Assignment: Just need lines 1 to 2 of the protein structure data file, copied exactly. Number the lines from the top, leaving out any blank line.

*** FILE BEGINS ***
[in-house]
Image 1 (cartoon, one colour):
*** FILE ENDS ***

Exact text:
[in-house]
Image 1 (cartoon, one colour):